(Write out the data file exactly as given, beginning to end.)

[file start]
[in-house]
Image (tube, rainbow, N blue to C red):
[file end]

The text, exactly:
[in-house]
Image (tube, rainbow, N blue to C red):